The second half of Hoshea opens with the anticipation of Assyrian invasion (“As a vulture he cometh against the house of the LORD” [8:1] and “For they are gone up to Assyria, like a wild ass alone by himself; Ephraim hath hired lovers.” [1:9]) as the natural consequence of Israel’s actions.
One of my favorite verses in the Neviim is Hoshea 8:5:
Thy calf, O Samaria, is cast off; Mine anger is kindled against them; how long will it be ere they attain to innocency?
This verse might not seem like much, but the phrase “attain to innocency” is an important one. In English, innocence is something that generally cannot be regained once lost. It is a synonym for naivete, albeit carrying a more positive connotation. Here, though, we see the concept of innocence being used in the sense of the absence of immediate guild. There is nothing to discipline or punish, therefore there is innocence. If the Shomron were to cease from idolatry and wickedness and become holy and clean, they would also become innocent. That’s a powerful statement, and one that is directly useful in our own, individual lives.
Chapter 9 focuses on Ephraim, but the message is still about Israel. Note 9:10:
I found Israel like grapes in the wilderness, I saw your fathers as the first-ripe in the fig-tree at her first season; but so soon as they came to Baal-peor, they separated themselves unto the shameful thing, and became detestable like that which they loved.
Baal-peor is a reference to an incident related in Bamidbar (Numbers) 25, in which the Israelites worshipped Baal at Peor through the influence of the Moabites, at partially through ritual sexuality.
More intriguing, though, is the beginning of the verse: “I found Israel like grapes in the wilderness.” This is a theme that will be used further by Yesheyahu (Isaiah). Where Hoshea compares Israel to wild grapes that Hashem finds and tends to make sweet, Yesheyahu 5 describes Israel as a well-tended vineyard that produces sour, wild grapes, grapes that were worthless to tend.
Micah 7:1 also plays with this metaphor. He mourns that there are neither grapes nor figs, as one who is hungry after the harvest. And Yermiyahu (Jeremiah) 8:13) likewise mourns:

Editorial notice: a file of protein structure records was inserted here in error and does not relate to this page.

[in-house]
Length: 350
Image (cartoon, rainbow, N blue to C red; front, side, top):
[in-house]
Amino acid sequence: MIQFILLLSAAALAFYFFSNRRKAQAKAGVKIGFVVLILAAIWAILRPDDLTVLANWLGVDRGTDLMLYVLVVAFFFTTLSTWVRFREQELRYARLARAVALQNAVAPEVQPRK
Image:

When I would gather them, declares the Lord, there are no grapes on the vine, nor figs on the fig tree; even the leaves are withered, and what I gave them has passed away from them.
Hoshea 10 continues the condemnation of Israel and the Shomron, and again uses imagery later toyed with by Yermiyahu:
Sow to yourselves according to righteousness, reap according to mercy, break up your fallow ground; for it is time to seek the LORD, till He come and cause righteousness to rain upon you. Ye have plowed wickedness, ye have reaped iniquity, ye have eaten the fruit of lies; for thou didst trust in thy way, in the multitude of thy mighty men.-Hoshea 10:12-13
In this passage, we are instructed that iniquity and redemption are both dependent on our own efforts, just as the harvest is dependent on the farmer’s labor. Those labors are hard work. Later, Yermiyahu will remind us that righteousness earned through Hashem’s correction is like the harvest of the farmer, where Hashem is the Farmer and we are the harvest. We may not enjoy being cultivated, but it is for our own good:
Does he who plows for sowing plow continually?
Does he continually open and harrow his ground?
When he has leveled its surface,
does he not scatter dill, sow cumin,
and put in wheat in rows
and barley in its proper place,
and emmer as the border?